NEW YORK – A large delegation of UN ambassadors from around the world took part in celebrations marking Israel’s 70th year of independence on Thursday.
Led by UN Ambassador Danny Danon, 40 ambassadors from Europe, Latin America and Africa participated in an event held at the President’s Residence in Jerusalem, where they enjoyed the evening with President Reuven Rivlin and Prime Minister Benjamin Netanyahu.
The delegation, which arrived earlier this week, met with senior leaders including Regional Cooperation Minister Tzachi Hanegbi, opposition leader Isaac Herzog and Jerusalem Mayor Nir Barkat before going on a tour of the Old City.
“This has been a fantastic experience,” Ethiopian Ambassador Tekeda Alemu said after visiting the Western Wall. “My fellow ambassadors and I learned many lessons. One lesson was the fact that there is a clear connection between the Old City of Jerusalem and the Jewish people. That is something that cannot be ignored.”
Ukrainian UN Ambassador Volodymyr Yelchenko described Israel’s capital as a “great place,” adding: “I wish for Jerusalem to be a place for peace and to remain such a place forever.”
The ambassadors also met with IDF officers and were taken to meet Kibbutz Kfar Aza residents near the border with Gaza on Tuesday. They were led into a neutralized terrorist tunnel and given a short briefing by security officials on the situation along the border.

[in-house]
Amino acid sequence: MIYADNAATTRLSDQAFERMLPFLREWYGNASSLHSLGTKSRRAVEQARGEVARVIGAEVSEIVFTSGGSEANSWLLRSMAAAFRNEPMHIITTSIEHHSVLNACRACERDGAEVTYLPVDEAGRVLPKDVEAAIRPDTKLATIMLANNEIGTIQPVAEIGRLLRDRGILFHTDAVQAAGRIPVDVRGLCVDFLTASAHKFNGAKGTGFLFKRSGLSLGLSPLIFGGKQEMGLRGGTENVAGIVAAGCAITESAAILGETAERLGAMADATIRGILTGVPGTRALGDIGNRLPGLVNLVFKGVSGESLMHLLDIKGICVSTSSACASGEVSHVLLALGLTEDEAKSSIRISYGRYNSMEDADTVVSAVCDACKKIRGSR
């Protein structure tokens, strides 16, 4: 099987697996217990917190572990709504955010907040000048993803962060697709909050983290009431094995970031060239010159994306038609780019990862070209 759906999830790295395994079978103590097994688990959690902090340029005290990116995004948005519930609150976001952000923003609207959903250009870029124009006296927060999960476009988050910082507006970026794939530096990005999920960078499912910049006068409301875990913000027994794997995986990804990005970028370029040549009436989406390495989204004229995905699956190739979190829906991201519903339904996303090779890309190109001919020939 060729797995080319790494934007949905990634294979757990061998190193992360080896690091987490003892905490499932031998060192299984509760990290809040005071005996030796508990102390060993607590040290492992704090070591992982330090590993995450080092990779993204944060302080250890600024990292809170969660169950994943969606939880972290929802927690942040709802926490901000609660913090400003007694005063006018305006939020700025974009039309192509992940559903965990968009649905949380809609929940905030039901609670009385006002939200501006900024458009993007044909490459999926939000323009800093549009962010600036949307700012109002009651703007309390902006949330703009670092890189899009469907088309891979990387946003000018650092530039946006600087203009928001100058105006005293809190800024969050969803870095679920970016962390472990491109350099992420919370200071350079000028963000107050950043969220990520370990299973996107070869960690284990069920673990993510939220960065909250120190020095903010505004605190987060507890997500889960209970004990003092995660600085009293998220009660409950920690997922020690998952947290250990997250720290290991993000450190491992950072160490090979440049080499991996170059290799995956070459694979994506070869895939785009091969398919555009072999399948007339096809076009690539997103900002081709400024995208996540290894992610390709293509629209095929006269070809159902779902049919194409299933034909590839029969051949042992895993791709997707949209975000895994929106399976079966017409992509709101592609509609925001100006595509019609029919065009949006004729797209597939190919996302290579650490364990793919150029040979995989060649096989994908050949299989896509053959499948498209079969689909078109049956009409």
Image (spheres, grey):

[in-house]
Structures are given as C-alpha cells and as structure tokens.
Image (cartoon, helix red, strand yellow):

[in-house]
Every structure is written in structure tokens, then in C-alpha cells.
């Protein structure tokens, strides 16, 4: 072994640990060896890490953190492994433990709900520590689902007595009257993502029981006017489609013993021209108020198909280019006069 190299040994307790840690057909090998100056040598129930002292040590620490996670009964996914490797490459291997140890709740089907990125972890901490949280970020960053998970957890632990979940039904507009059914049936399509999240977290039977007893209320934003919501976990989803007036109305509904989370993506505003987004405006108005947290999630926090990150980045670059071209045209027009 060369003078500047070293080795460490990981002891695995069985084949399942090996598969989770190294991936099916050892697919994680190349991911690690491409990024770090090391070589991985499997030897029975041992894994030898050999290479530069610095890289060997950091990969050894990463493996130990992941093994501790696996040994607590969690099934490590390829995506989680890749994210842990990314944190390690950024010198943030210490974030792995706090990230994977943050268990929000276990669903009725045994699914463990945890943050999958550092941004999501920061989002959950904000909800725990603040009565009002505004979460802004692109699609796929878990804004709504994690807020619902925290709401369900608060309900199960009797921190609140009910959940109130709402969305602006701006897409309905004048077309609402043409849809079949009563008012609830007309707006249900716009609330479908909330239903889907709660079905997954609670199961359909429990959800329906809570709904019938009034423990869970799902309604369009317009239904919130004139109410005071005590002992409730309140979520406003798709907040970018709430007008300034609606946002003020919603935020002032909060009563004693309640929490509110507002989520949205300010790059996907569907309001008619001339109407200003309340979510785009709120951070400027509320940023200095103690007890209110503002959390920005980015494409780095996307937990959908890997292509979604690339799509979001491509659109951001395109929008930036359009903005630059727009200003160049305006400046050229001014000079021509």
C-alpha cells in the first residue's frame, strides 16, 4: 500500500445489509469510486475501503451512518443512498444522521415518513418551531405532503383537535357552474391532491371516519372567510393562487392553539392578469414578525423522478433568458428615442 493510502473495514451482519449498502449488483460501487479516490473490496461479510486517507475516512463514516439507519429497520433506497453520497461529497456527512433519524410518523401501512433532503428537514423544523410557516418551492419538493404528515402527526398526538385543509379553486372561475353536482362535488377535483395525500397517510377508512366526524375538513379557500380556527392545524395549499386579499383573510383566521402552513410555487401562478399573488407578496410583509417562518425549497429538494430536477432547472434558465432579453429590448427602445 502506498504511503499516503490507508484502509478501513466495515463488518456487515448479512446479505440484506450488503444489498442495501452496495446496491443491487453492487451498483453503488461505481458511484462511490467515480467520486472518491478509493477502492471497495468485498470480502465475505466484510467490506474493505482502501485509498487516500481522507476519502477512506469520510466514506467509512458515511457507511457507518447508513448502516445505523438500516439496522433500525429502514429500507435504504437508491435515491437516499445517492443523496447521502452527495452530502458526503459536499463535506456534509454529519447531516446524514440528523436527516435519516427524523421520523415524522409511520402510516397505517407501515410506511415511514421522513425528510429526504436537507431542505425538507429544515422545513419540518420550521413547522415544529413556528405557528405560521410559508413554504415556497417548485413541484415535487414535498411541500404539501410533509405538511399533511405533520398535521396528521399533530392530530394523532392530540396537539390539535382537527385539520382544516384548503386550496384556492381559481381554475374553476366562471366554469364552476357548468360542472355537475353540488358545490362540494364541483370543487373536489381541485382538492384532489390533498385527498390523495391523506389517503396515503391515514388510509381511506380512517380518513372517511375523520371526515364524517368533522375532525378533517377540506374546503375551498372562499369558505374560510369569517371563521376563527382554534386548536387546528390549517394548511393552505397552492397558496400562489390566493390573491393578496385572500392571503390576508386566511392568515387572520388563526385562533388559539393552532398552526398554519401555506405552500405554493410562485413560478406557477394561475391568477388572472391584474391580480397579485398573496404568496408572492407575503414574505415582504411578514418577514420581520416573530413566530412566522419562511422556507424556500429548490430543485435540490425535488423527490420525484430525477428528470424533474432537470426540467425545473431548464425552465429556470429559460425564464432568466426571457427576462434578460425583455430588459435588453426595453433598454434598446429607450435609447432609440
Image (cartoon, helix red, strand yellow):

Danon said this was particularly important since the weekly events on the Gaza border are likely to be discussed in the near future in both the UN Security Council and the General Assembly.
The ambassadors also visited the Dead Sea and Masada, spent time in Tel Aviv, toured Jerusalem’s Mahaneh Yehuda market, the City of David and the Western Wall and were invited to lay a wreath at Yad Vashem.
“We are proud to host so many friends of Israel from around the world who came here to celebrate 70 years of independence with us and to strengthen the ties between our countries during this historic visit,” Danon said.
The purpose of the trip is to give the ambassadors, who are often called upon to vote on Israel- related issues – and who generally do not vote in Israel’s favor – a firsthand look at the challenges the country faces and to emphasize, in light of recent UNESCO votes that have sought to erase a Jewish connection to Jerusalem, the Jewish people’s link to the historical capital.
“The positive feelings that Guatemala has toward Jerusalem are the result of not only the Bible, but from the values of the State of Israel and the contributions it makes to the world in so many areas like science and technology,” Ambassador Jorge Skinner-Klee said. “I believe that the ties between our two countries will only continue to strengthen.”
The delegation was co-sponsored by the Foreign Ministry, the March of the Living and the American Zionist Movement.
Herb Keinon contributed to this article.